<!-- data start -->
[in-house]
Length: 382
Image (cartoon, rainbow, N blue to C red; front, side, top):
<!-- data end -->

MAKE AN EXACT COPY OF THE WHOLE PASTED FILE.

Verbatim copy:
[in-house]
Length: 382
Image (cartoon, rainbow, N blue to C red; front, side, top):